In ad­di­tion, she said the re­search raises an im­por­tant ques­tion con­cern­ing the long-term ef­fects of ad­vanc­es in pre­na­tal and ne­o­na­tal care. “Preterm sur­viv­al is im­prov­ing now be­cause of in­ter­ven­tions we have in preg­nan­cy and ne­o­na­tal care. How­ev­er, it may be that we’re im­prov­ing sur­viv­al while ad­versely af­fect­ing the over­all health and qual­ity of life in the long run.”

* * *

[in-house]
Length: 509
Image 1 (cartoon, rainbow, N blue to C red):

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Premature birth leads to health problems that are more varied and last much longer into adulthood than previously realized, according to a long-term study of more than a million adults. Researchers at the Duke Medical Center in North Carolina say preterm birth contributes to several long-term health issues including lower educational achievement, lower rates of reproduction, and an increase in the likelihood that future offspring will be born preterm and with complications. The findings appear in the March 26 issue of Journal of the American Medical Association. Preterm birth, meaning birth before 37 weeks of gestation, is the leading cause of infant mortality. “When a baby is born preterm, we tend to focus on the short-term risk of complications,” said Geeta Swamy, a maternal-fetal medicine specialist at Duke, and lead author of the study. “While it is true that the risk of complications is highest in the immediate time period including hospitalization and the first year of life, that risk continues into adolescence. And the earlier you’re born, the higher the risk. Those who are born extremely prematurely are more likely to have complications throughout their lives.” Working with colleagues at the Norwegian Institute of Public Health, Swamy and fellow researchers at Duke used a national population-based registry containing birth and death data to analyze how preterm birth affects long term survival, subsequent reproduction and next-generation preterm birth. The population studied spanned 20 years, from 1967 through 1988. Births occurred on or after 22 weeks and through 37 weeks gestation. The study found: Boys born between 22 and 27 weeks had the highest rate of early childhood death. Reproduction rates were considerably lower for men and women born preterm when compared to those born at term. Reproduction increased in direct proportion to higher gestational age. Women born preterm were more likely to experience recurrent preterm birth and an increased risk of adverse outcomes in their offspring. A similar pattern was reported for fetal stillbirth and infant mortality among women born preterm. The lower the gestational age, the greater the risk of having less education. Gestational age plays a very large role in overall health, Swamy said. Low birth weight has been the traditional indicator of how well a baby will do. However, Swamy now believes gestational age may be an even stronger predictor. In addition, she said the research raises an important question concerning the long-term effects of advances in prenatal and neonatal care. “Preterm survival is improving now because of interventions we have in pregnancy and neonatal care. However, it may be that we’re improving survival while adversely affecting the overall health and quality of life in the long run.”